• The authors present a study of the relationship between individual variation in working memory capacity (WMC) and visually guided hand control in the face of visual distraction. WMC was assessed with the automated operation span task. Hand control was measured by requesting participants to track a visual target with a hand-held touch screen pen. Tracking error increased when nontarget visual objects (distractors) appeared, especially in individuals with low WMC. High-WMC individuals are less impaired by distractors than their low-WMC counterpart, because they resume target tracking more quickly after distractor onset. The results suggest that visual distractors cause a momentary interruption to tracking movements and that high WMC attenuates this interruption by facilitating visual search.
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  • Halin, Niklas, et al. (författare)
  • A shield against distraction
  • 2014
  • Ingår i: Journal of Applied Research in Memory and Cognition. - Elsevier. - 2211-3681. ; 3:1, s. 31-36
  • Tidskriftsartikel (refereegranskat)abstract
    • In this paper, we apply the basic idea of a trade-off between the level of concentration and distractibility to test whether a manipulation of task difficulty can shield against distraction. Participants read, either in quiet or with a speech noise background, texts that were displayed either in an easy-to-read or a hard-to-read font. Background speech impaired prose recall, but only when the text was displayed in the easy-to-read font. Most importantly, recall was better in the background speech condition for hard-to-read than for easy-to-read texts. Moreover, individual differences in working memory capacity were related to the magnitude of disruption, but only in the easy-to-read condition. Making a task more difficult can sometimes facilitate selective attention in noisy work environments by promoting focal-task engagement.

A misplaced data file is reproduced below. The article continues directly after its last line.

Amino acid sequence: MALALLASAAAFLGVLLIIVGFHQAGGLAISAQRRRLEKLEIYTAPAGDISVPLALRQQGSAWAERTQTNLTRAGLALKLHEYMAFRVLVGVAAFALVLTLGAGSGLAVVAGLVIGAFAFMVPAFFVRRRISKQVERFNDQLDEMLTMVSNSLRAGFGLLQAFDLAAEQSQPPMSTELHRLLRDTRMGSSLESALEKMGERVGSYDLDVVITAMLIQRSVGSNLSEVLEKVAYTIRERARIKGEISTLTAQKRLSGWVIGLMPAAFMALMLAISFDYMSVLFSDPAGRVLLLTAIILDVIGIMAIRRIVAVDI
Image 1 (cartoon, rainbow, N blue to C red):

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6.
  • Halin, Niklas, et al. (författare)
  • Effects of speech on proofreading : can task-engagement manipulations shield against distraction?
  • 2014
  • Ingår i: Journal of experimental psychology. Applied. - 1076-898X. ; 20:1, s. 69-80
  • Tidskriftsartikel (refereegranskat)abstract
    • This article reports 2 experiments that examine techniques to shield against the potentially disruptive effects of task-irrelevant background speech on proofreading. The participants searched for errors in texts that were either normal (i.e., written in Times New Roman font) or altered (i.e., presented either in Haettenschweiler font or in Times New Roman but masked by visual noise) in 2 sound conditions: a silent condition and a condition with background speech. Proofreading for semantic/contextual errors was impaired by speech, but only when the text was normal. This effect of speech was completely abolished when the text was written in an altered font (Experiment 1) or when it was masked by visual noise (Experiment 2). There was no functional difference between the 2 ways to alter the text with regard to the way the manipulations influenced the effects of background speech on proofreading. The results indicate that increased task demands, which lead to greater focal-task engagement, may shield against the distracting effects of background speech on proofreading.